Donald Trump sent out a rare plea for small donations Tuesday after numbers were released showing Hillary Clinton trouncing him in fundraising.
“This is the first fundraising email I have ever sent on behalf of my campaign. That’s right. The FIRST ONE,” the email says. “And, I’m going to help make it the most successful introductory fundraising email in modern political history by personally matching every dollar that comes in WITHIN THE NEXT 48 HOURS, up to $2 million!”
This missive is not, in fact, the first sent by Trump. In June, his campaign sent an email asking donors to “please give $35 to help us stop Crooked Hillary and the dishonest, liberal media.” But it is true that these small dollar email pitches, usually a staple in any political campaign, are few and far between coming from Trump.
It’s been a lodestar of Trump’s campaign messaging from day one that he doesn’t need money. At his campaign launch more than a year ago, he said, “I’m using my own money. I’m not using the lobbyists. I’m not using donors. I don’t care. I’m really rich.” Throughout the primary, he boasted about self-funding his campaign (which isn’t exactly true), and when asking people in his crowds why they support him, it’s never long before you come across someone who says something along the lines of, “Because he can’t be bought.”
Just this past weekend, Trump told NBC, ” “I don’t ask for money,” and said people were sending donations on their own.
But the general election is promising to be a different beast for Trump’s bare-bones operation. According to new financial disclosure documents, Clinton’s campaign raised more than $26 million in May, and she entered June with $42 million in cash on hand. Trump’s campaign, on the other hand, raised $3 million in May and started June with $1.3 million in cash on hand. He also loaned his campaign $2.2 million. (It’s also worth noting that through staying at Trump properties and using other Trump-branded products, Trump’s campaign has paid at least $6.2 million back into Trump corporate products and services, the Associated Press reports.)
On Tuesday, Trump’s campaign put out a statement about the May numbers, defending their weak showing by saying June was the first real month of fundraising so bigger numbers will be reflected in the next FEC filing. And Trump once again raised the idea of self-funding: “If need be, there could be unlimited ‘cash on hand’ as I would put up my own money, as I have already done through the primaries,” he said in the statement. “Our campaign is leaner and more efficient, like our government should be.”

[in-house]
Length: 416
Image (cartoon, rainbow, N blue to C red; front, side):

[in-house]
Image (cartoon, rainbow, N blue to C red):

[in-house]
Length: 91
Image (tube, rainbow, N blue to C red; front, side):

Still, the money disparity between Trump’s campaign and Clinton’s will start to show in media. The former Secretary of State is on a massive ad blitz against Trump; her biggest super PAC supporter, Priorities USA, has already reserved more than $135 million in ads, including almost $100 million on television. Trump’s team, on the other hand, has no major TV ad campaign planned. And although super PACs have sprung up to support him, they have nowhere near the cash of the Clinton groups.
Political strategists say this imbalance could harm Trump. “It’s kind of going to be a like an arms race where you’ve got to keep building up the arms even though each incremental amount of arms that you accrue doesn’t necessarily make you feel any more secure,” John Geer, a professor of political science at Vanderbilt University, said of running television campaign ads. “But if you don’t respond, then the other side will have a one-sided message and then you can start to get hurt.”
Still, as Trump begins sending emails to supporters asking for donations as small as $10, he maintains his signature bravado about the campaign process.
“Even without this match, this initial effort would have been the most successful first fundraising email in history. I am certain of this,” his Tuesday fundraising pitch says. “The Democrats are desperate, and they’re throwing everything they have at me. They just keep failing and losing.”